1001 Movies You Must See Before You Die count: 940


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Moving pictures 2019, #20

Some more movies…

Seat 25, Nicholas Agnew (2017, UK). There’s an international mission to Mars, but it’s one-way. Twenty-four trained astronauts will be sent to settle the Red Planet, But there is room for one more, and that position will be taken by the winner of a lottery. A young woman in the UK wins the ticket, but is given time to break the news to her family – assuming, that is, she accepts – before it is announced publicly. It’s a neat idea and a good hook from which to hang a low-key drama. The world-building is very light, and mostly concerned with infomercials about the mission to Mars. The story stays entirely focused on the young woman who has won the seat: her life, her husband, her friends, her parents and in-laws, her colleagues… She keeps her win secret from them all, but kicks off a few “hypothetical” discussions to see how they would react if she told them she was going on a one-way trip to Mars. If this were all there were to the film, then it would be a neat little drama. Unfortunately, whoever wrote the script doesn’t seem to have advanced socially since the 1970s. Not only is the young woman brow-beaten by her husband, but the dynamics between the couple are a good thirty years old. And her in-laws crack jokes about people in Africa living in mud huts. Who does that? I heard shit like that when I was at school. And that was many decades ago. It wasn’t funny then either. Seat 25 could have been a good indie film, but it was ruined by gender politics and race relations from the 1970s.

M. Butterfly, David Cronenberg (1993, USA). This is based on a true story. A French accountant at the French embassy in Beijing was seduced by, and entered into long a relationship with, a Chinese opera singer who specialised in playing female roles. The accountant believed the singer was female and never learnt his true gender, even believing an adopted son presented by the singer was his natural son. Even though the Frenchman didn’t realise he was actually in a relationship with a man, and it was never revealed to him, the fact he was in a relationship with a Chinese national was enough leverage to “persuade” him to pass secrets to the Chinese authorities. This went on for two decades. And the Frenchman only learned the true gender of his lover when they were both arrested for spying in 1983. Cronenberg’s film is adapted from a 1988 play by David Henry Hwang, which takes some liberties with the actual story – mostly by compacting the chronology, as far as I could tell. When Cronenberg makes mainstream movies, I can’t honestly tell the difference between his work and any other director’s. The body horror stuff is obviously so signature that any film that doesn’t feature it doesn’t seem like a Cronenberg film. Which is a shame, as he’s an excellent director, and M. Butterfly tells its story entirely convincingly, more so, I think, because Jeremy Irons is perfect as the Frenchman. It works as a slightly off-kilter drama, but it’s off-kilter, I think, more because of the story than because of anything Cronenberg brings to it. Nonetheless, worth seeing.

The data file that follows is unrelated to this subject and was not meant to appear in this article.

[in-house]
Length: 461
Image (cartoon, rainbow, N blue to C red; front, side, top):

Nefertiti, Queen of the Nile, Fernando Cerchio (1961, Italy). I wonder how many people don’t realise Italy had a huge film industry and churned out movies by the metre. It wasn’t all Antonioni, Fellini, Rossellini, De Sica or Visconti. There was a long series of Hercules films, for example. Not to mention all those “spaghetti westerns”, the sf movies, giallo films, and loads of international thrillers. Some had US stars in lead roles (usually ones whose careers were on the slide). Nefertiti, Queen of the Nile is, of course, an historical film, a swords-and-sandals movie, starring Jeanne Crain (who plays Nefertiti), Edmund Purdom and… Vincent Price. Purdom and Crain are in love, but high priest Price marries Crain off to the new pharaoh. Who happens to be best mates with Purdom. The romantic triangle is tangled up with the overthrow of the state religion, and the institution of a new monotheistic religion. But this is all standard fare: a mid-sixties mangling of history presented as melodrama. It just happens to be from Italy instead of Hollywood. The film also features several really fake-looking fights between Purdom and a lion. Avoid.